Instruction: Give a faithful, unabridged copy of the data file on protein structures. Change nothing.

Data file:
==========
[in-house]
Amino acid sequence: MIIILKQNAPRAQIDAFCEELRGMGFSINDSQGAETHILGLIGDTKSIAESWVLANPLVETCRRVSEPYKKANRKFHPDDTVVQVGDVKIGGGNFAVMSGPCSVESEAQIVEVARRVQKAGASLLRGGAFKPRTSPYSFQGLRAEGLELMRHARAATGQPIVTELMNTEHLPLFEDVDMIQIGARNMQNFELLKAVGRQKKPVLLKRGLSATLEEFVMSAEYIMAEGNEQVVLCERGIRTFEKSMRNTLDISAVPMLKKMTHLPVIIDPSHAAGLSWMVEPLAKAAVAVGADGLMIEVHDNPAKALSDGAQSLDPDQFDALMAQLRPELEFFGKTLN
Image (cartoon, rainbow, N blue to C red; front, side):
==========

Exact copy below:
[in-house]
Amino acid sequence: MIIILKQNAPRAQIDAFCEELRGMGFSINDSQGAETHILGLIGDTKSIAESWVLANPLVETCRRVSEPYKKANRKFHPDDTVVQVGDVKIGGGNFAVMSGPCSVESEAQIVEVARRVQKAGASLLRGGAFKPRTSPYSFQGLRAEGLELMRHARAATGQPIVTELMNTEHLPLFEDVDMIQIGARNMQNFELLKAVGRQKKPVLLKRGLSATLEEFVMSAEYIMAEGNEQVVLCERGIRTFEKSMRNTLDISAVPMLKKMTHLPVIIDPSHAAGLSWMVEPLAKAAVAVGADGLMIEVHDNPAKALSDGAQSLDPDQFDALMAQLRPELEFFGKTLN
Image (cartoon, rainbow, N blue to C red; front, side):